Most people do not realize how a drug conviction like Marijuana Possession and a DWI affect gun ownership, your driver’s license, and your professional licenses.
The Texas Department of Public Safety (DPS) will suspend your driver’s license for 180 days if you are convicted of possessing marijuana. Also, you will be required to complete a Drug Education Program (DEP) through the Texas Department of State Health services.
Learning more about DWI charges, regardless of which substance was involved in the charge, and how they can impact your daily life is important. Convictions can carry serious penalties, and in some cases, these penalties can stack up or overlap depending on what kind of charge you’re facing.
For example, DWI can refer to a range of intoxicated driving, whether it’s alcohol, marijuana, or any other controlled or intoxicating substance. Possession of Marijuana (or another controlled substance) is a separate charge that you may face if you are charged with a DWI and still have the substance in question on your person.
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Convictions related to marijuana use can also affect your ability to legally purchase a new firearm from a gun dealer. One of the questions on the security questionnaire mandated by the Bureau of Alcohol, Tobacco, and Firearms (ATF) for all firearms dealer sales asks:
“Are you an unlawful user of, or addicted to, marijuana or any depressant, stimulant, narcotic drug, or any other controlled substances?”
If you are convicted of a DWI because of marijuana or another drug, then you are required to answer “Yes” on this form. Lying on this form can result in being prosecuted federally and at the state level for committing a felony. You could also face the risk of going to prison for this offense.
The DPS notes that failure to complete the DEP will result in the revocation of your driver’s license. This license suspension applies to any drug conviction, even if a car was never used during the commission of the offense. Further, the Department of Public Safety will also require you to pay a $125 reinstatement fee for the return of your driver’s license alongside proof of SR-22 insurance for a two year period after the conviction.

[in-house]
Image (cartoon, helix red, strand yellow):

If you are convicted of Driving While Intoxicated due to marijuana in your body, the DPS can suspend your driver’s license for 90 to 180 days. In some situations, these consequences can even influence your day-to-day life in a more drastic way than a criminal conviction.
In addition to losing your driver’s license, DWI and Possession convictions can also affect your ability to work in certain professions. For example, it can be difficult to write prescriptions and obtain or handle medications, negatively impacting people interested in pursuing medical school or pharmaceutical professions.
Fortunately, there are options for those facing a range of DWI or possession charges that may help you retain your rights to purchase guns, work in higher education or other fields.
For some criminal offenses in Texas, they can be resolved through Deferred Adjudication Probation. This results in the court not finding you guilty of an offense, but instead placing you on a short supervision period. This probation period is typically 6 to 24 months, but is not an option for DWI cases.
For DWI cases, or any other form of intoxication arrest, you would need your records to be destroyed through expunction, which is a process that relies on preconditions such as “dismissal” or “not guilty”.
Navigating the complex process of fighting a DWI or possession charge can be difficult on your own. If you want to retain your rights and have the best shot at a favorable outcome against these kinds of charges, relying on experienced legal counsel from a professional DWI lawyer in Houston can help your chances when it comes to fighting these charges.
Get a free consultation with our professional DWI lawyers, and discuss the details of your case to see how we might be able to help you better defend your rights and understand your charges.
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